In reality, there is no scientific evidence to prove that genetically-modified foods are not harmful for your health. What Prakash Javadekar did not tell Parliament was that the all-powerful GM industry has so far ensured that there is only one human clinical trial so far. In other words there are no medical experiments conducted so as to ascertain what damage to human health can be caused by GM foods. If you don’t want to know how harmful GM foods are, how will you know the harm it can cause to your health?
Let us say that tomorrow you go to a hospital complaining of a severe pain in your stomach. The doctor can go on experimenting with all kinds of medicines but there is no way to find out whether the pain is linked to a GM food you ate. This is because there is no analytical investigation procedure perfected by the medical science to assess or quantitatively measure the presence of a foreign gene in your body and what changes it can cause.
Ever since Dr Arpad Pusztai of the Rowett Research Institute in Scotland in 1998 found that GM potatoes when fed to rats in laboratory caused lesions in the gut wall of the animal, all those scientists who dared to publish the negative results of such scientific experiments were at the receiving end of the powerful GM lobby. Instead of conducting more scientific studies to know more about the dangers and thereby clear the mist, most of these scientists were suspended, gagged and eventually lost their jobs.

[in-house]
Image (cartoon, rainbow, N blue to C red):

Nevertheless, let us look at some of the research studies that point to the hidden health dangers that you need to know. After all, it’s you and your family’s health that is at stake.
1. In one of the only three long-term studies on GM crops, undertaken at Urbino in Italy, scientists found that rats fed with GM Roundup Ready Soy continuously for 24 months showed significant changes in liver, pancreas and testes.